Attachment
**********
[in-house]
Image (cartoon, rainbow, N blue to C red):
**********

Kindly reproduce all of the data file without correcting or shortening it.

[in-house]
Image (cartoon, rainbow, N blue to C red):